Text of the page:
14. Chien, C. F., & Zheng, J. N. (2012). Mini-max regret strategy for robust capacity expansion decisions in semiconductor manufacturing. Journal of Intelligent Manufacturing, 23(6), 2151–2159.CrossRefGoogle Scholar
  15. Chin, K. S., Wang, Y. M., Poon, G. K. K., & Yang, J. B. (2009). Failure mode and effects analysis by data envelopment analysis. Decision Support Systems, 48(1), 246–256.CrossRefGoogle Scholar
  16. Ford Motor Company. (1988). Potential failure mode and effects analysis. Instruction manual.Google Scholar
  17. Gabus, A., & Fontela, E. (1973). Perception of the world problematique: Communication procedure, communicating with those bearing collective responsibility (DEMATEL report no.1). Geneva, Switzerland: Battelle Geneva Research Centre.Google Scholar
  18. Gilchrist, W. (1993). Modelling failure modes and effects analysis. International Journal of Quality and Reliability Management, 10(5), 16–23.CrossRefGoogle Scholar
  19. Hsiao, T. Y., & Lu, C. N. (2008). Risk informed design refinement of a power system protection scheme. IEEE Transactions on Reliability, 57(2), 311–321.CrossRefGoogle Scholar
  20. Hussain, O. K., Dillon, T., Hussain, F. K., & Chang, E. (2012). Probabilistic assessment of loss in revenue generation in demand-driven production. Journal of Intelligent Manufacturing, 23(6), 2069–2084.Google Scholar
  21. International Electrotechnical Commission, Geneva. (1985). Analysis techniques for system reliability-procedures for failure mode and effect, analysis. IEC812.Google Scholar
  22. Karlsson, B., Karlsson, N., & Wide, P. (2000). A dynamic safety system based on sensor fusion. Journal of Intelligent Manufacturing, 11(5), 475–483.CrossRefGoogle Scholar
  23. Kubat, C., & Yuce, B. (2012). A hybrid intelligent approach for supply chain management system. Journal of Intelligent Manufacturing, 23(4), 1237–1244.CrossRefGoogle Scholar
  24. Pillay, A., & Wang, J. (2003). Modified failure mode and effects analysis using approximate reasoning. Reliability Engineering and System Safety, 79(1), 69–85.CrossRefGoogle Scholar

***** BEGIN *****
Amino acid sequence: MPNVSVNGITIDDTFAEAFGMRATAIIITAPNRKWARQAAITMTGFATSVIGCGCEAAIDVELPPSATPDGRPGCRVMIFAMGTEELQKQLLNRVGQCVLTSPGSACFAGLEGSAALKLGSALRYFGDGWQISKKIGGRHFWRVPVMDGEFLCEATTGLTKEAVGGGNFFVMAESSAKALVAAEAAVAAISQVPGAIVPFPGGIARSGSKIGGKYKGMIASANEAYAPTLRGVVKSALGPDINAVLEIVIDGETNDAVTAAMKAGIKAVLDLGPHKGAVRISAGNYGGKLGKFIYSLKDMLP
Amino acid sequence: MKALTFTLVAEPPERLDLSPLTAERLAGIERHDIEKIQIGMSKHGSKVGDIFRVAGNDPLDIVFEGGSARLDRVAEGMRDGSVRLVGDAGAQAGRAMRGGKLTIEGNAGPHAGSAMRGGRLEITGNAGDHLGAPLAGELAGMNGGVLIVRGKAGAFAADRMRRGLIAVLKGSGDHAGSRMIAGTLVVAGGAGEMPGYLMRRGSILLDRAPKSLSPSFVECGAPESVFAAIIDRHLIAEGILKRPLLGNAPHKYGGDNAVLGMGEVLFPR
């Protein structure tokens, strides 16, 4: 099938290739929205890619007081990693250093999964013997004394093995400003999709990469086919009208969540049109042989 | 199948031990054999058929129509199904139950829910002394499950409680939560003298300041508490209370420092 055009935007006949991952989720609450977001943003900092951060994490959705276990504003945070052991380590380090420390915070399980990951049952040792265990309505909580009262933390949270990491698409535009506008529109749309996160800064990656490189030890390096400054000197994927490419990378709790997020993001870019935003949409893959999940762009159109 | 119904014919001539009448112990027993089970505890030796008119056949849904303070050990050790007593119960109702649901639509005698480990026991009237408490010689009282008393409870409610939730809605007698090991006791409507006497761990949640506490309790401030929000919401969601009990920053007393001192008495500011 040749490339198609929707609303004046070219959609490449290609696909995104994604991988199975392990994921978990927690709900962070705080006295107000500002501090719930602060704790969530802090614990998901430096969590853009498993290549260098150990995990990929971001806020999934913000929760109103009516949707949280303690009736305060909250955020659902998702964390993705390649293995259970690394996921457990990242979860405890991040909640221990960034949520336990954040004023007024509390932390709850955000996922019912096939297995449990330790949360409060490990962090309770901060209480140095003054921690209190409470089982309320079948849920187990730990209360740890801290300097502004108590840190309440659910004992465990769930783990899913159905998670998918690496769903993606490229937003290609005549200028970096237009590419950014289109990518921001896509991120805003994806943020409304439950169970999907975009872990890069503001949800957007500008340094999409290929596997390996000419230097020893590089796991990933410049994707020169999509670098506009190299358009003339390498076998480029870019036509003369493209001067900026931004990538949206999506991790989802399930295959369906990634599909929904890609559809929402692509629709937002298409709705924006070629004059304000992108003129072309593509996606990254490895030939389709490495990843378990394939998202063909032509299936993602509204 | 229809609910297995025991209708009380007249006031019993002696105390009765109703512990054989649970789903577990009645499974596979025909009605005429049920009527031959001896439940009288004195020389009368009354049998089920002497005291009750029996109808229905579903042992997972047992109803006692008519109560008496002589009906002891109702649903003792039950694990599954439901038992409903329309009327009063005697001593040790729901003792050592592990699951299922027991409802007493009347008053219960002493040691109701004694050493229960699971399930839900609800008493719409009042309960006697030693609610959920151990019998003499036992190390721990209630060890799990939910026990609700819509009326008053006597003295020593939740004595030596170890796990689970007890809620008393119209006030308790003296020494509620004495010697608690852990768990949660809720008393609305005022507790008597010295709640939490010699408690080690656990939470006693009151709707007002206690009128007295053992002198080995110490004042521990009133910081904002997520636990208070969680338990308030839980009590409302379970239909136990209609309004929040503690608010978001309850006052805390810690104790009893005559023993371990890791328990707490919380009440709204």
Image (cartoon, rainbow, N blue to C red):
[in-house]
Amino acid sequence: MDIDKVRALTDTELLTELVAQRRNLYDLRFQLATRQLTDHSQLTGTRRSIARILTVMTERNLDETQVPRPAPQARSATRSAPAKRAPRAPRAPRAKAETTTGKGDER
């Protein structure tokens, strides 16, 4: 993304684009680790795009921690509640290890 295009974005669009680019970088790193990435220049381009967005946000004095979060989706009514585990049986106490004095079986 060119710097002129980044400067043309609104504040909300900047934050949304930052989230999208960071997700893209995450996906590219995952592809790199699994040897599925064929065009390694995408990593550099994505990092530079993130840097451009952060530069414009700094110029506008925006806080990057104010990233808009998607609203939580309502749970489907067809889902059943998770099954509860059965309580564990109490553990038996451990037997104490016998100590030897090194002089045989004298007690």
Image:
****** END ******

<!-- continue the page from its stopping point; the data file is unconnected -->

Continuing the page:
25. Sankar, N. R., & Prabhu, B. S. (2001). Modified approach for prioritization of failures in a system failure mode and effects analysis. International Journal of Quality and Reliability Management, 18(3), 324–335.CrossRefGoogle Scholar
  26. Seyed-Hosseini, S. M., Safaei, N., & Asgharpour, M. J. (2006). Reprioritization of failures in a system failure mode and effects analysis by decision making trial and evaluation laboratory technique. Reliability Engineering and System Safety, 91(8), 872–881.CrossRefGoogle Scholar
  27. Sharma, R. K., Kumar, D., & Kumar, P. (2005). Systematic failure mode effect analysis (FMEA) using fuzzy linguistic modeling. International Journal of Quality and Reliability Management, 22(9), 986–1004.Google Scholar
  28. Tay, K. M., & Lim, C. P. (2006). Application of fuzzy inference techniques to FMEA. Applied Soft Computing Technologies: The Challenge of Complexity, 34, 161–171.CrossRefGoogle Scholar
  29. US Department of Defense Washington, DC (1974). Procedures for performing a failure mode effects and criticality analysis. US MIL-STD-1629.Google Scholar
  30. US Department of Defense Washington, DC (1980). Procedures for performing a failure mode effects and criticality analysis. US MIL-STD-1629A.Google Scholar
  31. Wang, J., Ruxton, T., & Labrie, C. R. (1995). Design for safety of engineering systems with multiple failure state variables. Reliability Engineering and System Safety, 50(3), 271–284. Google Scholar
  32. Wang, Y. M., Chin, K. S., Poon, G. K. K., & Yang, J. B. (2009). Risk evaluation in failure mode and effects analysis using fuzzy weighted geometric mean. Expert Systems with Applications, 36, 1195–1207.CrossRefGoogle Scholar
  33. Xu, K., Tang, L. C., Xie, M., Ho, S. L., & Zhu, M. L. (2002). Fuzzy assessment of FMEA for engine system. Reliability Engineering and System Safety, 75(1), 17–29.CrossRefGoogle Scholar
  34. Yeh, R. H., & Hsieh, M. H. (2007). Fuzzy assessment of FMEA for a sewage plant. Journal of the Chinese Institute of Industrial Engineers, 24(6), 505–512.CrossRefGoogle Scholar
  35. Zhang, D. Y., Cao, X., Wang, L., & Zeng, Y. (2012). Mitigating the risk of information leakage in a two-level supply chain through optimal supplier selection. Journal of Intelligent Manufacturing, 23(4), 1351–1364.CrossRefGoogle Scholar
  36. Zhu, J. (2003). Quantitative models for performance evaluation and benchmarking: data envelopment analysis with spreadsheets and DEA Excel Solver. Boston: Kluwer.CrossRefGoogle Scholar

Copyright information

© Springer Science+Business Media New York 2013

Authors and Affiliations

  1. 1.Department of Management SciencesR.O.C. Military AcademyKaohsiungTaiwan
  2. 2.Department of Industrial Engineering and ManagementNational Chiao Tung UniversityHsinchuTaiwan

Personalised recommendations